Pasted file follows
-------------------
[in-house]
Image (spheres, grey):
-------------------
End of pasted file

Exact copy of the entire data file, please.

[in-house]
Image (spheres, grey):